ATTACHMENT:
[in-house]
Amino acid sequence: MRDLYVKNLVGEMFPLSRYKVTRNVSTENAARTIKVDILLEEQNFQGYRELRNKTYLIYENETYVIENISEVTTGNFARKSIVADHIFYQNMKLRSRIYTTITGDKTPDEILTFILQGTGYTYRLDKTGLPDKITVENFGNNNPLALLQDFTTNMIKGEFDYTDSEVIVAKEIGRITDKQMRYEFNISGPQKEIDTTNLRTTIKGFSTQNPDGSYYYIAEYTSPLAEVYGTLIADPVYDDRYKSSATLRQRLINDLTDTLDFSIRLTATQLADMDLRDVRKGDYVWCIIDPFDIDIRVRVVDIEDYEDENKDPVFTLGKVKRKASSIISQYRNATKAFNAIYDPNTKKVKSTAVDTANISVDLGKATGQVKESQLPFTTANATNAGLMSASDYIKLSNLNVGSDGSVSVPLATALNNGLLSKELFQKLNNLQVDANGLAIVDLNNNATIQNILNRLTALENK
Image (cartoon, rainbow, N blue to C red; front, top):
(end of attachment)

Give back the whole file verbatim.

[in-house]
Amino acid sequence: MRDLYVKNLVGEMFPLSRYKVTRNVSTENAARTIKVDILLEEQNFQGYRELRNKTYLIYENETYVIENISEVTTGNFARKSIVADHIFYQNMKLRSRIYTTITGDKTPDEILTFILQGTGYTYRLDKTGLPDKITVENFGNNNPLALLQDFTTNMIKGEFDYTDSEVIVAKEIGRITDKQMRYEFNISGPQKEIDTTNLRTTIKGFSTQNPDGSYYYIAEYTSPLAEVYGTLIADPVYDDRYKSSATLRQRLINDLTDTLDFSIRLTATQLADMDLRDVRKGDYVWCIIDPFDIDIRVRVVDIEDYEDENKDPVFTLGKVKRKASSIISQYRNATKAFNAIYDPNTKKVKSTAVDTANISVDLGKATGQVKESQLPFTTANATNAGLMSASDYIKLSNLNVGSDGSVSVPLATALNNGLLSKELFQKLNNLQVDANGLAIVDLNNNATIQNILNRLTALENK
Image (cartoon, rainbow, N blue to C red; front, top):